Trans Health Data
That time I made Jesse Singal Upset
It will never not be funny to me when people try to dunk on me by saying that anyone can create an account on the internet and call themselves arbiter of something and that's why you shouldn't listen to me.
I find this hilarious because they are right. I am literally just some guy who made a gimmick account to entertain himself. I try to be thoughtful and thorough but I'll get plenty wrong. What's really funny, though, is when these are influential people who have outsized voices in their respective spheres of influence. Most recently it was Jesse Singal, who has 147k followers on twitter. Why are they are taking the time to bitch about some random gimmick account? I post memes dude, you are clearly punching down.
They do this because they know, deep in their hearts, that they aren't actually all that different from me. They are posters at their core, and they thrive when they get to post. Glad I could help! It ups my engagement.
Anyway this is a short post about Trans issues because that's why Jesse Singal was mad at me.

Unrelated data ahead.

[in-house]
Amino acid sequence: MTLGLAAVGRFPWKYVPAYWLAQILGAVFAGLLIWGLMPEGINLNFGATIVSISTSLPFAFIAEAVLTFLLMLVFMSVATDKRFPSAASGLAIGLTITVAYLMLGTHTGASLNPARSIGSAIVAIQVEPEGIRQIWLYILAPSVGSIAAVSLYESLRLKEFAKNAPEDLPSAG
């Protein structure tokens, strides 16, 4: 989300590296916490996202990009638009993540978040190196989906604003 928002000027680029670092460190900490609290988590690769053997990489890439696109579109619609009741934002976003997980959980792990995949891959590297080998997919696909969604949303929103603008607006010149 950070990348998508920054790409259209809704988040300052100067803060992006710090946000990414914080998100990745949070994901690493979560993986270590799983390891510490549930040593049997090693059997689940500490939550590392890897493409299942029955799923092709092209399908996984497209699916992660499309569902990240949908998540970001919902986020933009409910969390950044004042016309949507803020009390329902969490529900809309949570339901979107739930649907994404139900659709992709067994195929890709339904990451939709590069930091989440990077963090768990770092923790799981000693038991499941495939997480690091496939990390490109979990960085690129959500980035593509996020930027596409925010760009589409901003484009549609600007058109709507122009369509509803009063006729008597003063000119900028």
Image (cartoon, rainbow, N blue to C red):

For background, it started because I retweeted Jesse's nemesis Michael Hobbes by saying that it's a data red flag that Jesse was saying data isn't collectible on Trans issues. He didn't like that I said he could advocate for better data collection and that I think he actually wants to reduce the number of Trans kids to 0.
Now I admit that I didn't read all of Mr. Singal's work before shitposting. See, he DOES say that we need to collect more data! Silly me. That's his entire thing in fact! He wants us to collect more data on Trans kids because we have so little. And why are we doing all these procedures on children when we don't have proper data?
Astute readers will note that saying "we shouldn't be doing interventions without proper study" is like saying "we should reduce Trans kids receiving care to 0" outside of studying it, but let's move on.
My issue with Singal and the rest of the Trans care skeptics is that they assign an extremely high bar to data acceptability and want to ignore anything we know currently because it doesn't exactly fit with what we want to try.
But in medicine this process is always way more loose than ideal. We try things, we study them, we see if they work. If they don't then theoretically we stop or ask why, and if they do we expand use and keep studying and keep asking why. Lots of things that show positive results early turn out to have been a bad idea. Lots of things we keep doing because it seems like it works but we aren’t totally sure why.
Which gets to transgender care. We have data on transgender care. Is it all good? No. It's mostly on adults but we have a growing amount of studies on children. It often uses survey data, which can be challenging. Some of it is out of date. But we do have it. And it's not all bad.